5 Essential Books About the Alien Movie
?The Alien’s had a rough time of it recently. He hasn’t had his own movie since 1997. In fact, two of his four movies — a full 50% — kind of suck. He’s been stuck in double-billing with Predator in the not-good-at-all Alien Vs. Predator movies. And his one shot at redemption, the currently-in-production Ridley Scott movie Prometheus, has changed from a direct Alien prequel to a movie about the giant alien people in the crashed spaceship from Alien instead. That’s just insult to xenomorphic injury.
It can be easy to forget that when Alien first debuted, the Alien was the scariest motherfucker in the galaxy. A time before Alien was over-exposed, a time when the Alien remained a frightening and mysterious enigma.There have been several must-have books focusing on the original Alien — books which celebrate the making of this classic film, and further explore the movie’s universe. Here are five I consider essential for any fan of the film. If you remember a time when Alien was still alien, you might, too.
5) Giger’s Alien
?If your were among those who found the film’s otherworldly visuals inherently unsettling, just wait until you get a further look inside the mind and imagination of H.R. Giger, the creator of the alien design. In fact, Giger may be the single most important contributor to the success and power of the film; he’s at the very least on par with screenwriters Dan O’Bannon and Ron Shusett and director Ridley Scott. For Giger delivered a creature the likes of which no one had ever seen… or was even remotely prepared for.
Writer Dan O’Bannon was never sure just what he wanted his alien to look like until fate brought him together with Giger on an unrealized adaptation of Frank Herbert’s Dune. It was during this period that O’Bannon saw Giger’s otherworldly paintings in a collection entitled Necronomicon. Immediately O’Bannon knew he’d found his alien, and director Ridley Scott soon agreed. The book chronicles Giger’s key designs for the alien egg pods and silo, the face-hugger, the space jockey and of course, the alien itself. They are all here, showcased in all of Giger’s uncomfortable, nightmarishly dark glory. There’s no question that the filmmakers struck gold when they selected Giger for these design duties. It seems unfortunate that Giger’s unique visions were never put to as good of use in future films. It’s available in paperback here.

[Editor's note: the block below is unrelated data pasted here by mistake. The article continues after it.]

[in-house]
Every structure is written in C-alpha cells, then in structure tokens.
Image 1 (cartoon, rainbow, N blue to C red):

4) Alien: The Movie Novelization by Alan Dean Foster
?A prolific author, Alan Dean Foster probably should need no introduction to sci-fi buffs. After all, besides being an accomplished author of original flights of fantasy, Foster served as the ghostwriter for George Lucas’ Star Wars novelization as well as the follow-up book Splinter of the Mind’s Eye. He’s also responsible for the adaptations of John Carpenter’s Dark Star, The Thing and Starman as well as a slew of other popular movie tie-ins, including Clash of the Titans.
Like many movie adaptations, Foster’s Alien was written while the film was in still production, which usually leads to a lot of deleted bits of business appearing in the book and some scenes playing out slightly different than on screen. This of course, made the novel quite interesting to fans of the film. In a time before deleted scenes where readily available and were usually the stuff of myths, a novelization could serve as a key source for discovering the details surrounding said scenes. On the whole, Foster does a good job of fleshing out the characters and situations and making the Alien novel a compelling, if breezy, read. His Alien novel is long out of print, but can be found pretty easily used on Amazon or eBay.